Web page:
Why are the general public who voted for radical change then branded Neanderthals?
The Brexit vote and the election of Donald Trump represent a peaceful, democratic revolution, says Ruth Dudley Edwards
I’m grateful to hysterical left-wingers for reconciling me so quickly to the election of Donald Trump. It was reminiscent of the days after Brexit, when having been rather nervous about having voted for it, I was reassured by the sheer tunnel-vision and viciousness of many Remainers that we Leavers had done the right thing.
In both cases, the people who voted for radical change were denounced by the guardians of the status quo as being Neanderthals.
As opponents similarly accused all Trump voters of being racist, misogynistic, homophobic, stupid and generally horrible, I thought of the decent, intelligent people in Indiana who the previous week had explained to me why they thought him the lesser of two evils.
They were concerned about such serious issues as insecure borders, Islamist terrorism, a plunge in their incomes from the outsourcing of manufacturing industry, late-term abortion and a new healthcare system so badly planned that it was ruinous to many middle-income people.
Yet the liberal establishment seemed more concerned about the provision on campuses of non-discriminatory bathroom facilities for the transgendered.
When I settled down to watch the election results, I still thought Mr Trump’s emotional immaturity, short attention span and touchiness made him temperamentally unfit to be president and desperately didn’t want him in charge of a nuclear arsenal.
The trouble was, I didn’t want Hillary Clinton to win either, because under her it would have been a continuation of rule by smug progressives who seemed incapable of understanding the reasons why a recent poll showed 62% of US voters believe the country is on the wrong track.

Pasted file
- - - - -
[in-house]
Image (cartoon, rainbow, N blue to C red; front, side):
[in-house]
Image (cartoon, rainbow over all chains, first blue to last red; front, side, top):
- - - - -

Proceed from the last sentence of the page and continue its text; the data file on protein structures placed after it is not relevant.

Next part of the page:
Yet Mr Trump had had an instinctive understanding of the justifiable anger of the vast slew of unfashionable people who felt ignored and despised by rulers who thought globalisation an unalloyed good and its victims acceptable collateral damage.
Showman that he is, he was shameless in using offensive rhetoric to draw attention to a campaign that was being written off by politicians, pollsters and pundits, yet Clinton’s rhetoric — if less gross — was just as pernicious.
When she called half of Trump’s voters “deplorable”, she unwittingly demonstrated the chilling bigotry of privileged, entitled people who know nothing about those they denounce.
It took me back to the mid-1990s in Ireland, when the UK nationalists and liberals of all descriptions thought it fine to show contempt and loathing for members of the Orange Order.
Mrs Clinton made it clear over and over again that her sympathies were — it seemed — exclusively with feminists, ethnic minorities, and those claiming any sexual identity other than that of male heterosexual.
For years, like Labour in Britain, Democrats had adopted identity politics that divided communities and saw minorities of all kinds as voting fodder.
They also closed down in public where they could all debate on contentious social issues.
Parents who had sacrificed a great deal so their children could have a college education saw them turn into ideological, intolerant social justice activists.
It was no surprise in the end that traditional voters began to think like victims and mobilise like a despised minority and that in his refusal to be silenced by free-speech-suppressing political correctness, Donald Trump seemed like a saviour. Watching the election on television and realising that Clinton was a goner, I found I didn’t care and the more the commentariat screamed, the more I realised how dangerous a choice she would have been.
What matters to me is the future of the West, not what President-elect Trump said about groping women or keeping out illegal immigrants and potential terrorists.
It’s what he does in practice that matters: his record shows him to be an impeccable equal opportunities employer. I’m not happy about him, but the people have spoken and the institutions have to cope with it.
If you think about it, what the United Kingdom and America have done is to have democratic revolutions with no bloodshed.
If the European ruling parties and the EU commission don’t come to their senses and address the issues troubling the mainstream electorate, what happens on the continent in the next 12 months could be a very different story.